Constants, such as bone structure, became evident along with subtle changes to the chin, jaw, and cheek. And yet the lips actually got smaller with age. And Weta noticed that Smith had no age spots to remove. In terms of the body, it’s not quite the same trapezoidal shape, as it gets older. A few modifications were made and the animators removed wrinkles and blemishes.
But Weta needed to make great strides in both skin and eye animation for Junior to succeed. “The first bridge that had to be crossed were the eyes,” Williams said. “As good as they’ve been done, even with the latest technical advancements, they still tend to be doll-like. We just deep-doved like crazy on the concept of the eyes.”
Weta did photo shoots with macro lenses filling an 8K frame to view all of the available visual information, and one of the target areas explored was how the bottom eyelid meets the eye. If you get a sharply defined, delineation between the skin and the sclera, for example, then it starts to have that dreaded dead-eye look. “Our shaders were doing the right thing, but why does a real eye look like it has a softer transition in that area?” Williams asked.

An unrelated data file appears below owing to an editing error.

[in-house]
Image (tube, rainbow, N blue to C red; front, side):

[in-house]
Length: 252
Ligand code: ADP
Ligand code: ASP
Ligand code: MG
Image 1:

“We discovered all sorts of things that we rolled into our models and shading that really helped,” he continued. “One was the shape of the eyelid is incredibly important. It doesn’t roll down into the eye, it rolls up and then down into the eye. And the tissue gets thinner along the back of the eyelid so that it gets translucent, and that helps with the merging. And we realized there’s [a lining] called the conjunctiva, a very thin, very translucent membrane, which is like a jellyfish that sits on top of the eye. This causes veins to float within the conjunctiva. We used this info to create a slight yellowing toward the corner of the eye.” This kind of precision made the eyes much more realistic-looking.